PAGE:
Weight matters. But how does one know what weight is right? When swinging, if the bat feels heavy or starts to droop down, it might be too heavy for your skill level. Try holding up a bat and extend your arms out to your side (with the hands gripping at least two thirds of the way around). If you can't keep this position for 30-45 seconds before feeling uncomfortable, then there's a good chance that the bat may be too heavy for your needs.
It should also go without saying that every player has different preferences when it comes to both size and weight because they come with their own set of strengths and weaknesses. Bigger kids might prefer heavier weights because they want more power while smaller kids ones could benefit from lighter bats because they need more swing speed.
When it comes to deciding what material your new bat should be, you'll usually find one of three options: wood, metal.
Wood bats can come in a variety of tree varieties such as ash, maple, birch and more; this will usually determine the quality which they offer. All wooden bats tend to come at around a -3 drop so that they're easier to compare against each other (professional players use this higher drop). If you still have questions about wooden bats and want some advice on how best to purchase one then we recommend giving us a call at 585-465-3167!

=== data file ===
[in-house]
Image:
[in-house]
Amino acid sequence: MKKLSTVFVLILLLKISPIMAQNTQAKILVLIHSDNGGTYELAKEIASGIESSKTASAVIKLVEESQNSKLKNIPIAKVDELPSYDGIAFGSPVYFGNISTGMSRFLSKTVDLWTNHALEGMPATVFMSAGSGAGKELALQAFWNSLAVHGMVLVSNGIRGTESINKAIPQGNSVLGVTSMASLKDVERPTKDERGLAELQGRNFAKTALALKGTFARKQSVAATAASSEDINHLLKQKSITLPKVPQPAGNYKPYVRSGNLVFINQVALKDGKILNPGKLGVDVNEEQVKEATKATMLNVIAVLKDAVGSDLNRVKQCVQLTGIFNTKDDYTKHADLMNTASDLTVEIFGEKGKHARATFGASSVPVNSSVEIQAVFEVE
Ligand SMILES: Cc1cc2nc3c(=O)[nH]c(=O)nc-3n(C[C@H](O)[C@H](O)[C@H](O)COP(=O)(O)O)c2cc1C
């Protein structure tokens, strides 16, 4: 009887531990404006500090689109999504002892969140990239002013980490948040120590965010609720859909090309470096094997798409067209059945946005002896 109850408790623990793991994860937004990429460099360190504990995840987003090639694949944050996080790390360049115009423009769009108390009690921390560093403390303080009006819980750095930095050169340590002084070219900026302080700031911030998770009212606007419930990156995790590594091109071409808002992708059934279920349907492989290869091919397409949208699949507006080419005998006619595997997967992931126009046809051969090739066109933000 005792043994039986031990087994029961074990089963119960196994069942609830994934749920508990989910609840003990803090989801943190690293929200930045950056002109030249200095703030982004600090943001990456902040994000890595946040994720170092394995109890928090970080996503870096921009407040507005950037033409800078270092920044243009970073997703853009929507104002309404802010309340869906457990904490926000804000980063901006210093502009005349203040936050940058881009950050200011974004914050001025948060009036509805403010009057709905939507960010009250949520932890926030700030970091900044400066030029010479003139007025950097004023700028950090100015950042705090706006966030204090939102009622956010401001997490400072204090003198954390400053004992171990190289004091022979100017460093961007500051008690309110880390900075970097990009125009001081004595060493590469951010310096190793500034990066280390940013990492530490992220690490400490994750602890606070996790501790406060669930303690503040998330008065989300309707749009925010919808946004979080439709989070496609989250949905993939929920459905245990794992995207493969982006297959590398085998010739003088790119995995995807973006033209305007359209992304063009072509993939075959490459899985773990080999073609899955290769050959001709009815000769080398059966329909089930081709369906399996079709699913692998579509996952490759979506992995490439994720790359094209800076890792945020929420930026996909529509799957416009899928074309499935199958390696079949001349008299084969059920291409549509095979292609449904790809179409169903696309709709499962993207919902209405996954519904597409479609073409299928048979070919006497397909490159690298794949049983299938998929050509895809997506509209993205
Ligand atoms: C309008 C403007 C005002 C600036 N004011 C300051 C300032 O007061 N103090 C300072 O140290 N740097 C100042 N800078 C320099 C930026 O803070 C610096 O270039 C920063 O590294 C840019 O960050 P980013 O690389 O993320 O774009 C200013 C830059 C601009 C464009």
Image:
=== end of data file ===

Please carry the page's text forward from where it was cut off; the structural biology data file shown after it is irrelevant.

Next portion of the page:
Metal/Alloy bats are also available - these bats don't need much breaking in at all before use (which is both convenient and helps ensure performance). They're slightly weaker than their composite counterparts but these bats allow players more consistency even when playing during hotter temperatures.
Lastly Composite bats have a larger sweet spot, less vibration, and better performance. The downfall of composite bats is they may have less durability compared to metal or wood bat options.
One-Piece vs Two-Piece Bats
One last thing to consider when choosing the right bat for you would be selecting a one-piece or two-piece design. The main difference between these two options is how much flex and energy transfer your bat will have.
One-piece bats as the name suggests, are a continuous piece of wood, composite, or metal. Upon contact, there is minimal flex in the bat, resulting in maximum transfer of energy from bat to ball. This can be great for a power hitter, but mishits can cause stinging in the hands.
Two-piece bats are constructed as two seperate pieces. The barrel and the handle are put together using a connection peice between the two. This design can create more flex and “whip” in the swing, allowing faster bat speeds. Two-piece bats also have reduced vibrations because the connection piece is usually made of rubber and will absorb that vibration, making them a great option for players looking to eliminate that stinging feeling.
If you have any questions about what type of bat your child should use, check with their coach or the team's manager. It is important to know that not all bats are legal in all leagues. Smash It Sports has what you need for your league, your players' preferences, and which one fits your budget.